The contribution of Persians

The contribution of Persians to the world is not limited to just language, food, and culture. Persian influence is also evident in many aspects of mathematics, science, and technology. Iranian mathematicians might be behind the invention of the game Reversi; algorithms for spreadsheets; and even an early understanding of infinitesimals (although they may not have considered them infinitely small quantities).

Here are 12 facts about Persian contributions you never knew.

1) Iranians helped invent the game Reversi.
This game was invented by an English mathematician, Lewis Waterman (1837–1901), in 1883. It is called “Othello” in the US, and “Reversi” internationally. But unlike the game Reversi today, it had no pieces; rather, it was played using cards. Waterman was inspired to invent this game after seeing a similar game at his local club. He spent his retirement years looking for the name of this game and its inventor, but he died without finding their names. Waterman’s widow donated the Waterman cards to the Lewis Walpole Library in London.

2) Iranians may have been first to use a computer.
According to Alireza Jafarzadeh’s book The Persian Heritage of Information Technology, many Iranians may have been one of the first people to use a computer, as some were first on the list of those who had a personal computer in their homes a decade before computers became commonplace globally. Jafarzadeh is citing a statement from Dr. Abdolreza Mansouri, a professor of mathematics at the University of Tehran, who has researched the history of computers and says that “The first Persian computer was invented in Iran before World War I.”

3) Iranians may have been the first to use a spreadsheet. In April 2002, London Economics conducted an Internet poll asking whether Iranians invented spreadsheets. 3% said they did. In January 2006, Alireza Jafarzadeh’s book The Persian Heritage of Information Technology claimed that Persians invented the spreadsheet.

4) Iranians may have been the first to consider infinitesimal quantities. While Greek mathematician Archimedes is often dubbed as the inventor of infinitesimals, it is possible that Persian mathematician Al-Uqlidisi invented them before him. In his book “Infinitesimals in Islamic Mathematics,” Dr. Abdolreza Mansouri has argued that “al-Uqlidisi used the word ‘first’ to mean ‘most preferable’, with the implication of plurality, not singularity.”

5) The Persian alphabet contains 10 distinct letters. It does not use numbers, but instead has symbols for different sounds of the spoken language. The most commonly used symbol is the letter ۰ (ا, pronounced “e”). The name of the alphabet comes from the shape of this letter, which looks like an inverted triangle.

6) The Persian alphabet contains 11 distinct letters. Some numbers can also be represented using the top form of the Arabic numerals, which is a derivative of the numeral system used in other parts of the world. For example, 22 can be written as ثانیه (“thaeniyeh”, meaning “two tens”).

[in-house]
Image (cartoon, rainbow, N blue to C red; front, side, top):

7) The Persian language has been used in two other languages: Turkic, in the language of the Turkic tribes that conquered Persia; and Arabic, which became the official language of several Arab states. The Persian alphabet has been used to write three languages: Persian (also known as Farsi), Pashto, and Kurdish.

8) Persian is the official language in Afghanistan. As of 2006, more than 15 million Afghans speak it. Afghanistan is also home to the largest community of Persian speakers outside of Iran.

9) Persian is the language of Islam: it is the official language of all countries that speak Arabic or Arabic dialects, including the United Arab Emirates, Saudi Arabia, Afghanistan, Iran, Pakistan, Qatar and Pakistan.

10) A significant portion of modern scientific terminology was created in Persia during the Islamic Golden Age. It is estimated that about 70% of all scientific terminology used in Western Europe at the beginning of the 20th century was derived from Arabic sources. Most terms were coined by the great polymath Avicenna (Ibn Sina).

11) Some people from present-day Iran, as well as other countries, have moved to the United States. In 1817, a group of Iranian intellectuals went to the United States to take part in the Sixth Congress of Orientalists in Philadelphia. There were many other Iranians working or studying in the United States during this time period. After their stay in Philadelphia, the members of this group founded a monthly publication entitled “Ittihad-e Iran” (“Apostolic Unity”). It was the first Persian-language publication in America. It was published in New York City between 1819 and 1821.

12) Iranian people have left their mark on the US through restaurants. According to “The New York Times”, “When it comes to Persian food, the only real rivals to New York’s kosher establishments are to be found in Los Angeles. A sign of Iranian-American restaurant culture is the proliferation of Persian grocery stores in Los Angeles. More than 30 shops in L.A. provide spices and dried fruits for Persian cooking.”

13) The first Persian empire began with the emergence of the Achaemenid dynasty in 550 BC. It eventually led to an empire that spanned from Egypt in the west, to parts of India in the east, and from parts of Central Asia in the north, to parts of present-day Turkey and Greece in the south. This empire lasted until 330 BC when it was overthrown by Alexander the Great.)

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